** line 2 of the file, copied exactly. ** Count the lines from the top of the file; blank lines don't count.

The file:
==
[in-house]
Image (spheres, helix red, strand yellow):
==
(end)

Image (spheres, helix red, strand yellow):